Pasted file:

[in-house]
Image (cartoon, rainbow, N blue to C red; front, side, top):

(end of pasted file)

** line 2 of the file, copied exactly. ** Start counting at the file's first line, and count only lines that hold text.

Image (cartoon, rainbow, N blue to C red; front, side, top):